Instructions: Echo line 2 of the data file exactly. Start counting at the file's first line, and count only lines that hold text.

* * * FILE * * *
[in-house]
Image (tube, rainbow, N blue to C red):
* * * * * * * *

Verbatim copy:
Image (tube, rainbow, N blue to C red):